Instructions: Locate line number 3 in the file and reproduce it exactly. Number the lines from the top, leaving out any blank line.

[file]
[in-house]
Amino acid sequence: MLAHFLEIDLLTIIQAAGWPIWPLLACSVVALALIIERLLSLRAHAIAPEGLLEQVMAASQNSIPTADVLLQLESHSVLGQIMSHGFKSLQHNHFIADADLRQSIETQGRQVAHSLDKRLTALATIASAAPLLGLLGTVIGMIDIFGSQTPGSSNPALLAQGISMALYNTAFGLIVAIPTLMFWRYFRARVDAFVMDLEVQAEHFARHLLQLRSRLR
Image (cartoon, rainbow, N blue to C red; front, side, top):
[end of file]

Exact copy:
Image (cartoon, rainbow, N blue to C red; front, side, top):